Maya is a captive. In Grandmother's house in California, every word and action is strictly monitored, and even Maya's memories of her mother have been erased--except within the imaginary world she has created. A world away, in the rugged Wyoming wilderness, a tobiano Paint horse called Artemisia runs free, belonging only to the stars. She embodies the spirit of the wild--and she holds the key to Maya's memories. How Maya's and Artemisia's lives intertwine, like a braided rein is at the heart of this richly drawn adventure about captivity and freedom, about holding on and letting go.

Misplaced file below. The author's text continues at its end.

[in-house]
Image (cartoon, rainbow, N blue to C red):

When her imperious grandmother dies suddenly, 11-year-old Maya, an orphan, is sent to Wyoming to live with her mother's family-strangers to her, thanks to her grandmother's high-handed notions. There Maya discovers a love of horses, especially those raised and trained by her great-aunt Vi. A skilled actress, McInerney captures Maya's longings and her growing confidence. The narration adroitly shifts from childlike to a more serious tone as segments are told from the perspective of the wild mare, Artemisia, whose path will intertwine with Maya's. Others of Maya's relatives, such as her grandfather Moose and great-uncle Fig, speak with a twang that firmly places the story "out west." As a bonus, Ryan reads from the trail diary that inspired the book. Ages 10-up. Simultaneous release with the Scholastic hardcover (Reviews, Aug. 20). (Oct.)Copyright 2007 Reed Business Information